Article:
Yesterday, on April 2, 2011, Dhoni, Yuvaraj, Harbhajan Singh, Zaheer Khan, and Ashish Nehra were amongst those who lifted the world cup of 2011.It was hard to hold back the tears as I remember that all of them were part of the real bad phase in 2007 world cup, where they did not even qualify for the quarter finals. The enraged fans even attacked the houses of some players. Now… this is an inspiring story of rising as a beaming Phoenix from the ashes with hard work, determination, persistence, blood, sweat and true grit – all these prepared the team to win the match after 28 years of long wait. I must say the spectators did a wonderful job of being the best support system a home team can ever ask for in such a crucial match. This team we see today is not a flawless one, but a bunch of individuals who had a strong passion for this game and the unstoppable urgency to win – no matter what others thought of them, they were refusing to stop until they held the world cup, which was like their elixir to life.

I had almost lost hope on our team when the wickets after Sachin fell down as a hopeless pack of cards in a match against South Africa within just 29 runs, which made many believe that the middle and tail order batsmen cannot be relied upon. Many of us gave up on them, but importantly, the team didn’t give up on their focus or their abilities to win the cup– the most beautiful lesson to be learnt here.

The first over by Sreesanth in the final match made many of us slap our foreheads. When Sachin and Sehwag returned to the bench and the team score was a meager 32, the stadium almost went dead silent – a lot of disappointed faces, chants and prayers. But, the team was fighting it out carefully ball by ball

Four wickets later and at a 200 plus total after 40 overs, every Indian fan was looking at the two young faces of Indian cricket on the pitch – one of them being our supercool captian who was still ubercool, inching every doosara and teesra any Malinga had to offer. We got a tough opponent, but it was indeed our day – the day for which cricket enthusiasts all over the country waited from years.

The ground support was commendable: no boos, no distractions – just undying passion, hope, and cheers that rocked the ground for every boundary. When the rival team was presented with their medals, the ground echoed with cheers and claps of appreciation – wow! This also reminded me of that embarrassing world cup semi-final match in 1996 where the Srilankan team had to face the wrath of the unruly mob of Eden Gardens because India was loosing the game – the crowd at Wankhade stadium gave them the much-needed respect.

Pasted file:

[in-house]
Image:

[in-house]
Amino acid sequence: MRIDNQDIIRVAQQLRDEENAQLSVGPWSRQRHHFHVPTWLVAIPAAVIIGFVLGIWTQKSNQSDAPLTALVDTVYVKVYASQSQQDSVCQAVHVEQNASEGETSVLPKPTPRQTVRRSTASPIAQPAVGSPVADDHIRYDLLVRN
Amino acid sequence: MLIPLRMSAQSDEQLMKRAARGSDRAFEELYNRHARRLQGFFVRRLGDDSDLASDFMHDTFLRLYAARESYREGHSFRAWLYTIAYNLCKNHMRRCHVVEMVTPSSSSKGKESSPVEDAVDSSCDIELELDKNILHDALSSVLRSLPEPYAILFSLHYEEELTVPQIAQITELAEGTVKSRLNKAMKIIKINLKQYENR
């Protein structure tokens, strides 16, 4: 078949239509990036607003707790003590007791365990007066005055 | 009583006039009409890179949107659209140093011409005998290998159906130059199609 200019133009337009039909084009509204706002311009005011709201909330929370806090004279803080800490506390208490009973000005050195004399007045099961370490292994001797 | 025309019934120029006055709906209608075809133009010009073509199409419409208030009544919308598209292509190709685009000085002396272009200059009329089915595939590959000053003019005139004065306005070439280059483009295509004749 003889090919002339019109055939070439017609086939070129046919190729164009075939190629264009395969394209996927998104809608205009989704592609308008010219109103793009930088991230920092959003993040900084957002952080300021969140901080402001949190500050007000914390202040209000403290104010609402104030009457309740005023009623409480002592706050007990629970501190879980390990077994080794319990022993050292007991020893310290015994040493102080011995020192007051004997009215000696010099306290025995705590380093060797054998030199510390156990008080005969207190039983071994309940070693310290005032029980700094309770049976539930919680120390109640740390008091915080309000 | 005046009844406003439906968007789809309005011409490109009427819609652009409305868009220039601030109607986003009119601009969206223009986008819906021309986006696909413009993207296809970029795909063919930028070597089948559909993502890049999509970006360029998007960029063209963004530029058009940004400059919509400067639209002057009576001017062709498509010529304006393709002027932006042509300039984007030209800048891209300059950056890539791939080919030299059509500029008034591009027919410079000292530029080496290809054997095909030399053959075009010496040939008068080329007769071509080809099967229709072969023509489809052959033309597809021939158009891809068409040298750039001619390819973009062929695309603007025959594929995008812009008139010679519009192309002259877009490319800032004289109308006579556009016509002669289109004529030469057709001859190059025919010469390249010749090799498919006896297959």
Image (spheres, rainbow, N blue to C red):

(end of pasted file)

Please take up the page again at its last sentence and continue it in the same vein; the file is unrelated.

Sachin’s humble and radiant smile was unforgettable and the joyous tears of the support staff and team members created some of the most golden heart-warming moments of this World Cup. Many of them did not forget to mention the bad times they had to wade through to reach here, especially Yuvaraj, who made his critics to bite the dust with his top-notch performance. Hats off to the team coach Gary Kristen and his support staff who molded this team. Let the celebrations continue! Let our passion bleed blue!

Tuesday, October 26, 2010

Post-partum depression or Discrimination?

Today I was shocked to see a heart-breaking news on Mumbai Mirror that a mother (Deepika Parmar from Dahisar) threw her 1-1/2-month-old baby girl (one of her twins) out of the bathroom window of the hospital. The baby girl did not survive as a rat nibbled half of her head and by the time the security staff found her out, they could not save her even though they rushed her to the ICU.
The mother seemed undisturbed by the entire event and her picture on the newspaper shows a lost expression on her face. I actually didn’t know how to react to this news.
If I think from the mother's side, the mother might have been under post-partum depression and was under lot of stress that she lost her mind and threw one of the babies out.
However, she raised an alarm that the child went missing and when the hospital people checked the CCTV footage, they found out that she herself was culprit who committed this act early morning.
But, I also doubt why she threw the girl baby out. The other twin, who was a boy, is still alive. Both the children were underweight and suffered from breathing problems. Moreover, if she had the mental state to make up a lie, was this action as a result of her hatred to girl child? Did she do it on purpose - kill the girl child and raise a false alarm? Then, she represents that part of the Indian society which discriminates the girl child - Shameful disgrace to womanhood!
I myself have been through the shaky phase of post-partum depression, but it did not last for long, and I came out of it as a stronger human being. From my experience, I remember that when you deliver a baby, the whole ideal indian family comes around choking your head with useless advice and superstitions and you are expected to deal with the trauma of childbirth and postpartum depression singlehandedly. You will be cooking yourself in a deep well of boiling emotions, trying to be the perfect mom you see in advertisements. I dont know how many of the people out there even know that instead of cuddling the baby and shooting void advice to the mentally frail mother, who would even bother to give a pat on her back or offer her help in child care. Sad sad state!

Saturday, October 23, 2010

Golden words

I remember some pieces of advice that I have been given at times. Thought of sharing them:

  • When you need help, take it - never feel embarrassed to ask for help.
  • Never stop doing what you are good at.
  • Eat more veggies, less rice.
  • Don't allow your child to run around while she is having her meals. Make her to sit at one place and concentrate on the food.
  • Take life slow. Avoid doing too many things at a time and stressing yourself.